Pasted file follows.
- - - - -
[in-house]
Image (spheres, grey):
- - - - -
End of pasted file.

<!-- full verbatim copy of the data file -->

[in-house]
Image (spheres, grey):